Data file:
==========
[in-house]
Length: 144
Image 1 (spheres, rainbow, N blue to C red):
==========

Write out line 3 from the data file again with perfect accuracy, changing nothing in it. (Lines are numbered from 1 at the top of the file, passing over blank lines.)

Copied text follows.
Image 1 (spheres, rainbow, N blue to C red):